If I have 256 bits of handwavium "perfectly random data" and I hash this 256 bits of data with a secure hash function (possibly sha256) could the resulting hash be considered "perfectly random data" as well? I am assuming no, but don't know why.

What information / keywords would I use to find out more information about this?

Interesting seemingly related topics:

  • $\begingroup$ Some background, I was looking into one-time-pads and am trying to figure out what would prevent you from generating an inf one-time-pad from a random seed. $\endgroup$ Mar 5 at 4:21
  • 2
    $\begingroup$ From our reading list. $\endgroup$
    – DannyNiu
    Mar 5 at 4:27
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    $\begingroup$ The hashing is expected to loose 0.8272… bit of the original 256 bits of entropy. $\endgroup$
    – fgrieu-onstrike
    Mar 5 at 10:44

1 Answer 1


Suppose you take your 256 bits of handwavium "perfectly random data" and use it to seed a handwavium "perfect cryptographic seed expansion algorithm", such as the SHAKE XOF -- but it really makes no difference which algorithm you choose. You then generate 257 (or in general any $n > 256$) bits of "random data". In principle, if this was really random data, you'd have $2^n$, for $n > 256$, different bit strings.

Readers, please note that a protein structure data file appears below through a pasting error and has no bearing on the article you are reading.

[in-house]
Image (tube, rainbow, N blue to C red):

However, suppose you cycled through all $2^{256}$ bit strings of "only" 256 bits. Evidently one of these would match the 256 bits of handwavium "perfectly random data" mentioned at the beginning, and having found it, then you'd be able to generate exactly the same $n$ supposedly random bits.

Thus, by brute-forcing "only" 256 bits (a computational effort of $2^{256}$ operations), you can find all $n$ bits, while if they were actually random, you'd need an actual computational effort of $2^n$ (for, again, $n > 256$), which is general is much greater than $2^{256}$.

So don't fool yourself: you only have 256 bits of randomness. Any bit coming after that is a 100% deterministic function of those 256 bits, and thus adds no randomness at all.

  • $\begingroup$ I think I understand what your saying, and agree with it. Argument for argument sake ... let say the orig 256 bits of handwavium "perfect random data" is destroyed/forgotten/never transmitted after the hash algo created a new 256 bits of deterministic data. How is this new data less "random" than the entire rest of the key space? $\endgroup$ Mar 5 at 5:24
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    $\begingroup$ Assuming you really throw away your "perfect random data", and that you use a "perfect" hash function, for which no attacks that reduce its preimage resistance exist, then your first 256 bits of deterministic data should be OK. Once you generate a 257th, you're back to the same problem. But if you can only securely generate the exact same 256 bits you started with (which, recall, you threw away), then why go to the trouble and computational expense of hashing it? Just use the random data directly. $\endgroup$
    – swineone
    Mar 5 at 5:31

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